Fluent dreaming for language models (AI interpretability method)

My coworkers at Confirm Labs and I recently posted a paper on fluent dreaming for language models! arXiv link. We have a companion page here demonstrating the code. We also have a demo Colab notebook here.

Dreaming, aka “feature visualization,” is a interpretability approach popularized by DeepDream that involves optimizing the input of a neural network to maximize an internal feature like a neuron’s activation. We adapt dreaming to language models.

Past dreaming work almost exclusively works with vision models because the inputs are continuous and easily optimized. Language model inputs are discrete and hard to optimize. To solve this issue, we adapted techniques from the adversarial attacks literature (GCG, Zou et al 2023). Our algorithm, Evolutionary Prompt Optimization (EPO), optimizes over a Pareto frontier of activation and fluency:

In the paper, we compare dreaming with max-activating dataset examples, demonstrating that dreaming achieves higher activations and similar perplexities to the training set. Dreaming is especially exciting because some mildly out-of-distribution prompts can reveal details of a circuit. For example, Pythia-12B layer 10, neuron 5 responds very strongly to “f. example”, “f.ex.” and “i.e” but responds even more strongly to “example f.ie.”, a phrase the model has probably never seen in training.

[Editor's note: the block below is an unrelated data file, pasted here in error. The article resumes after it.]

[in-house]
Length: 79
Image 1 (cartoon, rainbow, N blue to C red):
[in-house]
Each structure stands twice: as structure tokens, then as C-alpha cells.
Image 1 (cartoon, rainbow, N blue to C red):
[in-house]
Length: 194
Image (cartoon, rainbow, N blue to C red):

Figure: Comparing activation and cross-entropy between dreaming outputs and the top 64 max-activating dataset examples from 500 million tokens of the Pile. Lower cross-entropy prompts are more fluent. The black line is schematically separating regions of the plot that are empirically inside and outside the training distribution.

Like max-activating dataset examples, language model dreams will be hard to interpret in the face of polysemanticity. We would be excited about applying dreaming to more monosemantic feature sets resulting from dictionary learning/sparse autoencoders.

We also think algorithms like EPO will also be useful for fluent algorithmic redteaming. We are working on that now!

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